Smoking Cessation Center WebMD
Smoking causes cancer, breathing problems, heart attacks, and stroke. Secondhand smoke causes asthma and breathing problems. Get help quitting smoking from support groups, nicotine replacement therapy, and other medications.
When you plan your strategy for quitting tobacco, use the U.S. Surgeon General's five keys to quitting: get ready, get support, learn new skills and behaviors, get and use medicine, and be prepared for relapse.
1. Get ready
Contact your doctor or local health department to find out the kinds of medicines and help available in your area for people who want to quit smoking. Telephone help lines operated by your state can also help you find information and support for quitting tobacco use.
Check with your insurance provider to find out if medicines or counseling are covered under your plan.
Prepare your body and mind for the stress that comes with quitting.
- Set a quit date and stick to it. This is an important step toward becoming tobacco-free. Choosing a good time to quit can greatly improve your chances of success. For example, avoid setting your quit date on high-stress days, such as holidays.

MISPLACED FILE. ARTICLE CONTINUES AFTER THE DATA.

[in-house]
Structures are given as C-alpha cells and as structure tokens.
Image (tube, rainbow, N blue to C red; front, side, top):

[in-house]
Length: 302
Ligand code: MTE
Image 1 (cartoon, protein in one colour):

- Make some changes. Get rid of all ashtrays and lighters after your last cigarette. Throw away pipes or cans of snuff. Also, get rid of the smell of smoke and other reminders of smoking by cleaning your clothes and your house, including draperies, upholstery, and walls. Don't let people smoke in your home. Take the lighter out of your car. Try some methods to reduce smoking before your official quit date. Use a smoking journal to record what triggers urge you to use tobacco. This gives you important information on when it's toughest for you to resist.
- If you have tried to quit in the past, review those past attempts. Think of the things that helped in those attempts, and plan to use those strategies again this time. Think of things that hindered your success, and plan ways to deal with or avoid them.
- Once you quit, don't even take a puff. After your quit date, don't smoke at all-not even a puff.
2. Get help
You will have a better chance of quitting successfully if you have help and support from your doctor, family, friends, and coworkers.
- A doctor, nurse, or mental health professional can help you tailor an approach to quitting smoking that best suits your needs. These people are also good sources of motivation and support during the quitting process.